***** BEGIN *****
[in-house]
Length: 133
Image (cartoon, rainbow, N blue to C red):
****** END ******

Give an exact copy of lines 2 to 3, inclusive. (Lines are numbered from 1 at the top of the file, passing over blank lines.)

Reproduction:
Length: 133
Image (cartoon, rainbow, N blue to C red):